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<<back forward>> -- News and information about meteor showers, solar flares, auroras, and near-Earth asteroids
Current conditions
Solar wind
speed: 615.7 km/sec
density: 2.1 protons/cm3
explanation | more data
Updated: Today at 2245 UT
X-ray Solar Flares
6-hr max: A2
2025 UT Sep02
24-hr: A6
0235 UT Sep02
explanation | more data
Updated: Today at: 2245 UT
Daily Sun: 02 Sep 07
New sunspot 970 poses no threat for strong solar flares. Credit: SOHO/MDI
Sunspot number: 26
What is the sunspot number?
Updated 31 Aug 2007
Far side of the Sun:
This holographic image reveals no sunspots on the far side of the sun. Image credit: SOHO/MDI
Planetary K-index
Now: Kp= 4 unsettled
24-hr max: Kp= 5
explanation | more data
Current Auroral Oval:
Switch to: Europe, USA, New Zealand, Antarctica
Updated: 2007 Sep 02 2135 UT
Interplanetary Mag. Field
Btotal: 4.4 nT
Bz: 1.2 nT south
explanation | more data
Updated: Today at 2247 UT
Coronal Holes:
Earth is inside a solar wind stream flowing from the indicated coronal hole. Credit: SOHO Extreme Ultraviolet Telescope
NOAA Forecasts
Updated at: 2007 Sep 02 2203 UTC
0-24 hr
24-48 hr
01 %
01 %
01 %
01 %
Geomagnetic Storms:
Probabilities for significant disturbances in Earth's magnetic field are given for three activity levels: active, minor storm, severe storm
Updated at: 2007 Sep 02 2203 UTC
0-24 hr
24-48 hr
35 %
15 %
15 %
05 %
05 %
01 %
High latitudes
0-24 hr
24-48 hr
35 %
15 %
15 %
05 %
05 %
01 %
What's up in Space
September 2, 2007
Where's Saturn? Is that a UFO--or the ISS? What's the name of that star? Get the answers from mySKY--a fun new astronomy helper from Meade. .

PROMINENCE ALERT: A flame-shaped solar prominence has popped up from the sun's western horizon. It's four times taller than Earth and a pleasing sight through backyard solar telescopes. Take a look! images: from Rogerio Marcon of Campinas, Brazil; from C. Miller and J. Stetson of South Portland, Maine; from Cai-Uso Wohler of Bispingen, Germany; from Robert Arnold on the Isle of Skye, Scotland; from Pavol Rapavy of Rimavska Sobota, Slovakia;

AURORAS! A solar wind stream hit Earth on Sept. 1st sparking a geomagnetic storm and bright auroras from Scandinavia to Alaska: map. In Fairbanks, Patrick Cobb was readying his camera for the Aurigid meteor shower when a riot of blue-green Northern Lights spread across the sky:

Photo details: Canon 30D, 15mm, ISO 400, f/8, 30 sec

The storm that caused these lights ranked 5 on the 0 to 9 K-index scale of geomagnetic activity. The display has subsided, but it could flare up again tonight. Earth remains inside the solar wind stream, so sky watchers should be alert for auroras: gallery.

METEOR FLURRY: Congratulations to Peter Jenniskens of the SETI Institute and colleagues who predicted Saturday morning's Aurigid meteor shower. It materialized right on time on Sept. 1st in a sharp peak shortly before 1130 UT or 4:30 am PDT. In Guffey, Colorado, Chris Peterson recorded this spectacular fireball:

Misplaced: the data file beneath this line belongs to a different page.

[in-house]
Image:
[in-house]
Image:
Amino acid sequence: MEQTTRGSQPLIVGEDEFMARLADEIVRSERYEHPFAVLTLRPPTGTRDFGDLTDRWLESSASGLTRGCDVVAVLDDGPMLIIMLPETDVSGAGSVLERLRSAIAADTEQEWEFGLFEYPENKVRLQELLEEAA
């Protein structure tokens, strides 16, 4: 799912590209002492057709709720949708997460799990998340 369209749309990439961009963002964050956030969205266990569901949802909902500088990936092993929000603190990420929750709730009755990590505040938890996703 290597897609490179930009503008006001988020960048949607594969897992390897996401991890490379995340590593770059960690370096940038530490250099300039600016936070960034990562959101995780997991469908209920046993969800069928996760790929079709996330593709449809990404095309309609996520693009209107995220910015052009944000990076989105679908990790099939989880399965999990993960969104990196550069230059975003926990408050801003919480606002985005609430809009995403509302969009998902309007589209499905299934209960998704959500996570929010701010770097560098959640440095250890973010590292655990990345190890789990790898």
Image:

The glaring light beneath the meteor is the Moon, which shows just how bright the Aurigid was.

Positive reports of meteor activity have been received from observers in Arkansas, Arizona, Colorado, California, Idaho, Ohio, Oregon, Texas and western Canada. In Alberta, Alan Dyer snapped this picture of an Aurigid at sunrise. "It left a train that persisted for about a minute as it dispersed in the high-altitude winds," he says.

Aurigid Photo Gallery
Updated Sept. 2, 2007

LISTEN! In New Mexico, amateur radio astronomer Thomas Ashcraft operates an 83 MHz forward scatter meteor radar. His system records echos of distant radio stations from the hot trails of disintegrating meteoroids; "I have merged my forward scatter array with an all-sky camera and am now capturing fireballs with sound," says Ashcraft. So, turn up the volume and click here to experience an Aurigid fireball recorded just before daybreak on Sept. 1st.

Near-Earth Asteroids
Potentially Hazardous Asteroids (PHAs) are space rocks larger than approximately 100m that can come closer to Earth than 0.05 AU. None of the known PHAs is on a collision course with our planet, although astronomers are finding new ones all the time.
On September 2, 2007 there were 880 potentially hazardous asteroids.
July 2007 Earth-asteroid encounters:
Miss Distance
2007 FV42
July 2
53 LD
1.2 km
2007 MB4
July 4
7.6 LD
130 m
2007 DT103
July 29
9.3 LD
550 m
Notes: LD means "Lunar Distance." 1 LD = 384,401 km, the distance between Earth and the Moon. 1 LD also equals 0.00256 AU. MAG is the visual magnitude of the asteroid on the date of closest approach.
Essential Links
NOAA Space Environment Center
  The official U.S. government bureau for real-time monitoring of solar and geophysical events, research in solar-terrestrial physics, and forecasting solar and geophysical disturbances.
Atmospheric Optics
  The first place to look for information about sundogs, pillars, rainbows and related phenomena.
Solar and Heliospheric Observatory
  Realtime and archival images of the Sun from SOHO.
Daily Sunspot Summaries
  From the NOAA Space Environment Center
Current Solar Images
  from the National Solar Data Analysis Center
  more links...
©2007, -- This site is penned daily by Dr. Tony Phillips.
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